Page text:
What does CASA do for children in our community?

Payne County Courthouse

submitted by CASA of Payne and Logan Counties

CASA is an acronym for Court Appointed Special Advocate. Our local program, CASA for Kids, Inc. (Serving Payne and Logan Counties) is one of 23 active CASA programs in the state of Oklahoma that train volunteers to speak up for abused children in court. These 23 state-wide CASA programs serve children in 64 of Oklahoma’s 77 counties, as well as four tribal courts.

Every year, thousands of children in Oklahoma are removed from their homes because of evidence of abuse and neglect. In an effort to keep them safe, they are uprooted from the only family they’ve known, taken out of schools and away from friends. In short, their worlds are turned upside down. Going through the child welfare system is a scary process and no child should do it alone.

The Oklahoma CASA network is working hard to make sure that every child who needs an advocate to speak for his or her best interests before the courts, has a caring, trained adult to help them through this difficult period of his or her life. According to the Oklahoma Department of Human Services (DHS) annual report, in 2015 there were 124 children in out of home care in Payne County, and 216 children in out of home care in Logan County. These are the very children that CASA for Kids, Inc. serves.

CASA volunteers are appointed by judges to watch over and speak up for abused and neglected children to make sure they don’t get lost in the overburdened legal and social service systems or languish in the foster care system. The CASA volunteer is typically assigned just one case at a time. They visits their assigned child or children in their foster home placement or another setting at least once each month. These visits are meant to establish rapport, get to know and honor the child, and understand the child’s needs and wishes. For many abused children, their CASA volunteer is the one constant adult in their lives during this confusing and frightening time.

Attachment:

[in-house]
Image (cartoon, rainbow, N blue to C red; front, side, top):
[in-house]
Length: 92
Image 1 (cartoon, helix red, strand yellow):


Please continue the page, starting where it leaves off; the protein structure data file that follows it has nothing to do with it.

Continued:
The second role that CASA volunteers perform is to investigate and follow their assigned child’s case. Families have a legal right to correct the conditions that caused their children to be removed. In most cases, reunification is the goal. CASA volunteers have a court order that grants them access to all records pertaining to the case, as well as access to any and all parties to the case. CASA volunteers interact regularly with biological parents and families, foster families, DHS, attorneys, medical professionals, educators, etc. to understand the big picture and monitor progress. With this knowledge, they present fact-base recommendations about the child’s best interest to the court. CASA volunteers remain as an advocate for their assigned child until he or she is placed in a safe, permanent home and the case is closed.

Independent research has demonstrated that children with a CASA volunteer are substantially less likely to spend time in long-term foster care and less likely to reenter care. They are less likely to have poor conduct in school, and more likely to pass all courses. CASA is a highly effective program working right here in our community.